This seems fine to me in principle. As noted, it is hard to stick to mechanisms talk all the time. If we can move to a world not of ‘replacing social media names with mechanisms’ but of ‘using social media names while always trying to remember that they are a convenient shorthand for a bunch of mechanisms that are really doing the causal work’ I’d be happy.

bq. Social science ain’t physics, since our atoms think about what it’s like to be an atom; when people are talking about overthrowing Assad, they are also thinking about what it means to be people talking about overthrowing Assad. People can give explanations of their actions, and they adjust those explanations to their actions and vice-versa, in continuous though naive and imperfect ways. (“Shape of…Anthony Giddens!”)

I’m not sure how much we disagree here on the fundamentals, but I think that even if social science isn’t physics, it is more susceptible to materialist explanation than you perhaps seem to be suggesting here. My guide is not Giddens, but Dan Sperber’s brilliant “Explaining Culture: A Naturalistic Approach” (see esp. chapter four on the epidemiology of beliefs). The belief that Facebook has certain causal qualities can itself be causally efficacious – it leads actors to do things that they otherwise would not have done. But this belief is itself a kind of a representation, which can spread to others, e.g. via social networks, perhaps changing in the process of dissemination, due to lossy transmission, interaction with pre-existing beliefs held by some individuals and not others etc. Such processes of intellectual contagion, in which roughly consonant beliefs spread across a population are themselves amenable to study via analysis of the mechanisms of diffusion, transformation etc that are involved.

Zeynep – on the speed thing, if I understand where your thinking is heading correctly, it is an argument about relative speed (some technologies allow e.g. protesters to react more quickly than governments). If that is right, one might plausibly expect the mechanism to apply to other contexts, and other forms of communication than Internet based ones, and this kind of comparison might be useful. If e.g. you end up with an agent-based model to capture this dynamic, it is likely to apply pari passu to other contexts too. So it is perhaps better to think of your argument and putative mechanism not as something about ‘social media’ but about ‘forms of communication with a certain set of asymmetric consequences for centralized and decentralized actors’ or somesuch.

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LFC 04.21.11 at 11:01 pm

@8: Fox News is part of that medium long ago declared dead, broadcast television

Fox News is not broadcast television; it is cable/satellite television. Someone such as myself who has no cable or satellite subscription or service cannot watch Fox News on his (or her, as the case may be) TV – not that I want to. (Actually at the moment I can’t watch anything on my small flat-screen TV for lack of a sufficiently powerful functioning antenna, but that’s neither here nor there. It’s still possible, if not always easy, to receive digital broadcast channels in the U.S. without having any kind of cable or satellite service or subscription.)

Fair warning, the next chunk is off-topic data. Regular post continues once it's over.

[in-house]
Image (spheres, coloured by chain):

Broadcast television continues to be regulated, however half-heartedly, by the FCC in ways that cable/satellite television is not. Unless Congress repealed the entire Communications Act of 1934 when I wasn’t looking.

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Straightwood 04.22.11 at 1:55 pm

Broadcast television is a dead thing that has not yet fallen over. The steady increase of Internet bandwidth will make it possible to view high quality video, from thousands of sources, over computer screens, breaking the monopolies of the old commericial broadcast empires. There remains a question of how much political damage the perfection of broadcast propaganda can do before it is displaced by the diverse streams of Internet video, but the outcome is not in doubt. We are watching the final thrashings of the dying reptile of mass electronic broadcast media.

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LFC 04.22.11 at 8:12 pm

We are watching the final thrashings of the dying reptile of mass electronic broadcast media.

Well this has been debated here before, but I think it is wrong. By this logic, TV should have displaced radio, screens should have displaced books, etc. None of which has happened. And not only do hard-copy newspapers (at least some) still exist, but if you go to, e.g., the Wash Post’s website you’ll see they have a tab called “today’s paper,” clicking on which brings one to an exact facsimile of the hard-copy print edition for that day. Makes sense, e.g. if you’ve read something in the hard copy that you want to link to electronically.

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Straightwood 04.22.11 at 9:06 pm

Television will not vanish, but it will be displaced as the dominant information medium, just as it displaced radio. There are still hand lettered manuscripts being made for religious purposes, but that does not mean that printing has not displaced manual copying of books. Well-educated people now assemble their news from Internet sources; others will follow their lead. Diversity and precision are the insuperable advantages of interactive Internet media over broadcast, and these advantages will only grow over time. Even the humblest blog can embed a video stream. Not even the richest media baron can make his broadcasts interactive.

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tomslee 04.22.11 at 9:46 pm